Complexity. A necessary evil for some, a reason for existence for others. An example of the latter group is Amazon, where an extremely complex product portfolio very quickly finds its way to the end customer.
How is it that such organisations know how to embrace & control the increasing complexity in customer demand?
Process knowledge. The processing time from receiving the order through shipment to invoicing at Zalando, Bol.com, etc. is very short. There are undoubtedly many activities that are handled in the background. A team that has little or no knowledge about the various steps in this process cannot possibly "see" what the unnecessary and time-consuming actions are. And yet it is precisely these sources that prevent an organisation from being able to respond flexibly to new products/services/trends.
How can we “see” our process?
A tool that can be deployed very quickly in order to let a team form a common understanding about a process is Makigami (Japanese expression for "roll paper").
A Makigami consists of four main components:
- the steps in the process and the departments or parties that play a role in this
- flow of information: the way in which communication takes place within the process
- the problems, clumsiness, waste in the process
- the time analysis:
- turnaround time, the total time from the start to the finish of the step
- processing time, the time that is actually worked
- added value time, the time during which real value is added during the processing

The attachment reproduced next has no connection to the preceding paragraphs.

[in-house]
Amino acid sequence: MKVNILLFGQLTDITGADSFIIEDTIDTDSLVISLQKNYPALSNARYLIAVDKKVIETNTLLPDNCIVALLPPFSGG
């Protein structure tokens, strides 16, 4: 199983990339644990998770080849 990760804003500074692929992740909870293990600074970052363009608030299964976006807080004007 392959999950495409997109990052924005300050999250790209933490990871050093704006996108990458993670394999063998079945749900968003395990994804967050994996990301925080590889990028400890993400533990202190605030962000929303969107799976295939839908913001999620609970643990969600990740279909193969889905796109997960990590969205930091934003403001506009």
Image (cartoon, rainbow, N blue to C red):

Does the setting up of a Makigami stop at my own department?
No. A process always has a start point and an end point. If we take a typical order-to-cash process, for example, the process starts via a request on the website in the sales department, but will gradually progress through several departments. Another example could be the input and processing of customer complaint files in the pharmaceutical sector, where lead time is extremely critical if you want to reduce the impact. The visualisation of an end-to-end process immediately reveals the handover points. Critical points where things go wrong nowadays. As a process visualisation technique, both in Lean Office and Lean Manufacturing, Makigami helps team members from different departments to see the entire process, which also contributes to system thinking. This system thinking is important, as we have to view an organisation as a combination of different processes.
Where does Stanwick apply the Makigami technique?
Chemicals: accelerating the handling of complaints
Electronics: shortening the order-to-cash lead time, simplifying the global supply chain planning
Construction: speeding up the planning process
"Visualising the administrative flow helps me to see where we urgently need to improve."
"Only now do I realise why it can sometimes take a long time before an order is delivered.”
"We have been able to eliminate the unnecessary steps that we have been doing for years in the future state Makigami.”